Arizona Gov. Katie Hobbs delivers 1st State of the State address

Arizona Gov. Katie Hobbs gave her first State of the State address a week after being sworn into office.

Arizona's 56th legislative session opened on Jan. 9 at 12 p.m.

"The people of Arizona did not send us to this Capitol to solve easy problems or to leave them to the next generation. They sent us here to do the right thing – no matter how difficult that may prove to be. We will not let them down," Governor Hobbs remarked during the address.

She laid out key issues she plans to improve, including, public education, public housing, lowering the cost of living, immigration, women's rights and the state's water crisis.

"I am encouraged by the White House’s recent actions to finally visit the border and to start proposing real steps to begin addressing the problems of the current system," Hobbs said. "And while optimistic, I will also continue to push Congress to do its job and pass comprehensive immigration reform."

Several Republican lawmakers walked out as Hobbs pledged to promote abortion rights, foreshadowing the contentious fights that confront the new governor in her dealings with the Legislature. Earlier, two GOP senators stood and turned their back on the governor as she spoke about education.

Arizona last had a divided government from 2003 to 2009, when Democratic Gov. Janet Napolitano had a sometimes contentious relationship with the GOP-controlled Legislature.

Biden made his first trip to the border Sunday after two years in office, inspecting a port of entry in El Paso, walking along the border fence and visiting an empty migrant shelter. Last week, he said the U.S. would immediately begin turning away Cubans, Haitians and Nicaraguans who cross the border from Mexico illegally, his boldest move yet to confront the arrivals of migrants that have spiraled since he took office.

Hobbs said border sheriffs and local police departments need help, as do community centers and hospitals on the front lines, as record numbers of migrants enter the country illegally. The issue "has been politicized for far too long," she said.

Hobbs narrowly won in November after promising "sanity over chaos," contrasting her background as a social worker, legislator and secretary of state against Republican Kari Lake, a former television anchor who called for a tough and immediate crackdown on illegal immigration. Lake delighted conservatives with a pledge to declare the state was being invaded and use war powers to repel the invasion.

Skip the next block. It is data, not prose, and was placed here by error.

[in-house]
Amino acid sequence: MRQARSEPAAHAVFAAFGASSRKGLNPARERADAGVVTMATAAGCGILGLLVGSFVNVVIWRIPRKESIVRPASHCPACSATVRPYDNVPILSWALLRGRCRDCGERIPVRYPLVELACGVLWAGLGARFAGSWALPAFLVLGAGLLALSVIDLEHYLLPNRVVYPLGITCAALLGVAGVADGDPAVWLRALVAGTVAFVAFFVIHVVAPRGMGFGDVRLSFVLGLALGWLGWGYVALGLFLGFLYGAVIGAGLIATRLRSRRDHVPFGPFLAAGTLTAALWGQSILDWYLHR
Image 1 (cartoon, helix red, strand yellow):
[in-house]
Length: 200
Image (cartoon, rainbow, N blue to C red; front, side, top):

"Immigration has been politicized for far too long," Hobbs said. "Arizona voters told us in November that they don’t want or need political stunts designed solely to garner sensationalist TV coverage and generate social media posts."

She called on lawmakers to provide college scholarships to young people who were brought to the country illegally as minors, along with others who can’t afford college.

Hobbs outlined a legislative agenda focused on tackling education, water shortages and housing costs. She pledged to block any efforts to further restrict abortion, which is illegal in Arizona after 15 weeks of gestational age.

She called on lawmakers to suspend a cap on school funding that threatens to cut off billions of dollars for public schools two months before the end of the school year, a measure that requires support from two-thirds of the House and Senate. She also pledged to push for more public school funding, lower class sizes and support for teachers to slow the loss of teachers to other professions.

"The reality is we don’t have an educator shortage, what we have is a retention crisis," Hobbs said.

She also took aim at a universal private school voucher program enacted last year, one of the biggest accomplishments for former Republican Gov. Doug Ducey which she said "will likely bankrupt the state." She said charter schools should face the same accountability standards as public schools.

"We have seen too many examples of individuals and shady corporations taking advantage of the system and our students," Hobbs said.

In the House of Representatives, Ben Toma will serve as speaker and William Petersen will serve as Senate president. Republicans continue to hold a slight majority in both chambers.

During her inaugural address, Hobbs pledged to work with her political rivals, while also calling on elected officials to reject conspiracy theories that were promoted by GOP candidates who lost their elections in November.

The Associated Press (AP) contributed to this report.

Watch the full address:

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